astrophysics from space lecture 6: supermassive black holes

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Astrophysics from Space Lecture 6: Supermassive black holes. Prof. Dr. M. Baes (UGent) Prof. Dr. C. Waelkens (KUL) Academic year 2013-2014. Active Galactic Nuclei. More than 10% of the galaxies have abnormal nucleus extremely bright - PowerPoint PPT Presentation


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Astrophysics from SpaceLecture 6: Supermassive black holes

Prof. Dr. M. Baes (UGent)Prof. Dr. C. Waelkens (KUL)

Academic year 2015-2016

Active Galactic NucleiMore than 10% of the galaxies have an abnormal nucleusextremely brightnon-stellar spectrum (broad emission lines instead of absorption lines)strong sources in radio, UV, X-ray, far-infraredstrong variability on timescales of months or even days

Fornax A in optical radiation2

Fornax A in radio continuum3Enormous luminosities: can be brighter than an entire galaxyNon-thermal spectrum: no stars

Accretion of matter on a supermassive black hole is the only plausible explanation for the existence of AGN.The engine of AGNsEngine must be compactnot resolved, not even with HSTvariability on the time-scale of months/weeks/days

The AGN unified modelQuasars / QSOsExtremely bright AGN that outshine their entire host galaxy

From the ground: look like starsquasi-stellar radio sources (quasars)quasi-stellar objects (QSOs)

HST (and ground-based AO observations): can resolve the host galaxies

The cosmic quasar densityQuasars are ideal cosmological probesextremely brightstrong emission lines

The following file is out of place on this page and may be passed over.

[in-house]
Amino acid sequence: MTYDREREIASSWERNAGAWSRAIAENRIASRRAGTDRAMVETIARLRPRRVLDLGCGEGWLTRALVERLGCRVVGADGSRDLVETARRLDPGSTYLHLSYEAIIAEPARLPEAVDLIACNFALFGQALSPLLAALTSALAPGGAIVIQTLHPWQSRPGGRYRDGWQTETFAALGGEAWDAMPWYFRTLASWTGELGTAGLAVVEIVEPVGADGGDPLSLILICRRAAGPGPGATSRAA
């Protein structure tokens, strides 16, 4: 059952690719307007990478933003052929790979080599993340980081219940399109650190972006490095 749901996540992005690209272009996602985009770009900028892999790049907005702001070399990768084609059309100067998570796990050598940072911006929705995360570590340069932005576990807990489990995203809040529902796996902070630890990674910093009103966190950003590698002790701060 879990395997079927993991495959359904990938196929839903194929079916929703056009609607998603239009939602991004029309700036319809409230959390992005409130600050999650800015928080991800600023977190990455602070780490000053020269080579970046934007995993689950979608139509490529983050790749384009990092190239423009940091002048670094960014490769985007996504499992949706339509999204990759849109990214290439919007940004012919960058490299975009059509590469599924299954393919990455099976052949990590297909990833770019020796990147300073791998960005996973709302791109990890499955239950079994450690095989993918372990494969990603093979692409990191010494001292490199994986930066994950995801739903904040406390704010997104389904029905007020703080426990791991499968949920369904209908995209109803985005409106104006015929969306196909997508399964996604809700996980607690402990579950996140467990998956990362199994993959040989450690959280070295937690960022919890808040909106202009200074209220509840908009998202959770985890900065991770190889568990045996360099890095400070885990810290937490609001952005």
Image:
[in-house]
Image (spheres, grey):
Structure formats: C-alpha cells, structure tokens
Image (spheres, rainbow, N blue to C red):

The cosmic quasar densityLarge surveys such as SDSS have been instrumental to determine the cosmic quasar density

SDSS DR7 quasar cataloguecontains 77429 QSOswith reliable redshifts.

Potential problems:Malmquist biasK-correctionscomoving densities

There were 100-1000 times more luminous quasars at z 2.5 than today Where have all the quasars gone ?Two options:The SMBHs have disappeared (Hawking radiation?)Accretion has stopped (lack of fuel, conservation of angular momentum)

Hawking radiation is extremely inefficient.The Local Universe must be full of sleeping supermassive black holesDetecting sleeping SMBHsSleeping SMBHs can only be detected by studying the dynamics of tracer populations.

Sphere of influence: radius where the potential of the SMBH dominates the potential of the stars and gas.

For a typical galaxy: rh = 10 pc At the distance of 15 Mpc: rh = 0.15 arcsec

Resolution of HST is necessary to detect SMBHs in nearby galaxiesStellar kinematicsThe shift and broadening of the stellar absorption lines reveal the kinematics of stars (Doppler effect).

These kinematics can be modeled using the equations of stellar dynamics to determine the gravitational potential (and hence the mass distribution).

Stellar kinematicsAdvantages stars are always presentonly gravity matters

Disadvantagesabsorption features are weakwe have to make 3D models from 2D informationmany unknowns: M/L, inclination, anisotropycomputation-intensive

Stellar kinematics: Cen A

Stellar kinematics of Cen A can be reproduced best by a model with an SMBH with MBH 2 x 108 MsunIonized gas kinematicsIonized gas is often seen to reside in a Keplerian disc in the nucleus of nearby galaxies.

Advantagescan be studied by emission lines (easier than absorption lines)modelling easier (disc)

Disadvantagesnot for all galaxiesnon-gravitational forces

Ionized gas kinematics : M84

Black hole demography

Supermassive black holes have been detected in (nearly) all nearby galaxies. This can explain the scarcity of QSOs in the Local Universe.

It implies that all galaxies must have gone through an AGN phase also our own Milky Way.

Relations between SMBHs and host galaxies imply that SMBHs play a key role in galaxy evolution.

SMBH mergers and gravitational wavesThe merging of SMBHs are among the most (gravitationally) violent events in the Universe.

Result: gravitational waves. Finally detected in Sep 2015, discovery announced on 11 Feb 2016

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